The mischievous Blue and Gold Macaw is one of the large macaws. It has the scientific name of Ara ararauna. They are becoming increasingly popular as entertaining pets but are not for everyone. They are native to the rainforest areas of central and northern South America.
The blue and gold macaw measures between 90 and 96 cm in length (this includes the tail) and weighs between 900 and 1380 grams. It has a wingspan of a metre. As the name suggests, the bird is predominantly blue and gold. The back and tail are an iridescent turquoise blue with a rich cobalt blue on the wings. The breast and belly, flight feathers and underneath the tail are gold. The distinctive white facial mask has black lines, there is a black bib just below the lower beak which is black and the crown of the head is a rich emerald green. As the description suggests, this is one very colourful bird. It has yellow eyes and grey legs.
In the wild, blue and gold macaws come together at dusk. They preen and chatter, forming large, noisy flocks. As pets, they are also very noisy. They need plenty of wood to chew on so supply them with plenty of wooden toys.
The herbivorous macaw feeds on seeds, blossoms and fruit in the wild. As a pet, they can have an organic pelleted feed with additional fruit, vegetables and cooked meats. Cooked pasta, beans, sprouts, non-toxic flowers, seeds and nuts will give your bird an variety of food he is sure to appreciate. They need more fat in their diet than most parrots. Seeds and nuts can be put in food-finding toys, providing occupation and nutrients at the same time.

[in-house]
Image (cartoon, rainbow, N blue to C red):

As pets, they can be very messy feeders, like many other pet species. Parrots often like to dip their food into their water bowl to soften it before eating. Water containers need to be cleaned daily to prevent a build up of bacteria.
Macaws mate for life and maintain a permanent nest site. Two to three eggs are laid in a clutch and the incubation period is 28 days. The mating period is during spring and may last for about six weeks. Young birds spend two to three years with their parents and are not sexually mature till six or eight years of age.
The main threat to the blue and gold macaw is habitat destruction. They are also poached for the black market pet trade.
The macaw requires a large, strong cage. A flight cage will encourage exercise and go a long way to keeping your bird healthy. The larger the cage the better. Perches of varying diameters and textures will help avoid arthritis and will help to keep the feet healthy. A sandy perch high in the cage as a night-time perch will help the parrot keep his nails trimmed. A metal grate on the base makes cleaning easier. Bathing and natural sunlight will keep the plumage healthy. If he spends some time in an indoor cage, place the cage in a high traffic area to help prevent boredom. This is not a bird for apartments as they are too noisy for confined areas.
Macaws are messy feeders. They need training and socialisation. Their bite is not to be dismissed as of no consequence. They can inflict a serious wound. But properly trained and looked after, they do make a friendly, sociable pet. They can be trained to talk and are acrobatic with a highly developed sense of fun and mischief and seem to enjoy amusing their ‘family’. They enjoy challenges and puzzles in their playthings. Toys need to be strong. Indestructible is probably too much to ask for in a macaw’s toy but look for natural materials and strong construction.